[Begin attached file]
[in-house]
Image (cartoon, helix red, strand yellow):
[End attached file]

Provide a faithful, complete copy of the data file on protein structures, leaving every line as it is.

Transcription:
[in-house]
Image (cartoon, helix red, strand yellow):